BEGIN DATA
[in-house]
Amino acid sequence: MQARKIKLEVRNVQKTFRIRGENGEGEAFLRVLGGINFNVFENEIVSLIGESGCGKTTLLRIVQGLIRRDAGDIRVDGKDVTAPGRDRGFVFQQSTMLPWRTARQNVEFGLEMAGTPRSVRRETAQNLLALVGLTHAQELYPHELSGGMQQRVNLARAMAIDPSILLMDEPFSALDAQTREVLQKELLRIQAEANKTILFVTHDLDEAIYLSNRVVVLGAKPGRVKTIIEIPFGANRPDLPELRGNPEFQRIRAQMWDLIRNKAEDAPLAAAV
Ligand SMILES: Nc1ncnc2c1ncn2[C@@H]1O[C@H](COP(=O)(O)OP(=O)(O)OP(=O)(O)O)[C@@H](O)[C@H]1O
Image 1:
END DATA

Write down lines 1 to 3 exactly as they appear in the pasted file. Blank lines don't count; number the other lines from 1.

[in-house]
Amino acid sequence: MQARKIKLEVRNVQKTFRIRGENGEGEAFLRVLGGINFNVFENEIVSLIGESGCGKTTLLRIVQGLIRRDAGDIRVDGKDVTAPGRDRGFVFQQSTMLPWRTARQNVEFGLEMAGTPRSVRRETAQNLLALVGLTHAQELYPHELSGGMQQRVNLARAMAIDPSILLMDEPFSALDAQTREVLQKELLRIQAEANKTILFVTHDLDEAIYLSNRVVVLGAKPGRVKTIIEIPFGANRPDLPELRGNPEFQRIRAQMWDLIRNKAEDAPLAAAV
Ligand SMILES: Nc1ncnc2c1ncn2[C@@H]1O[C@H](COP(=O)(O)OP(=O)(O)OP(=O)(O)O)[C@@H](O)[C@H]1O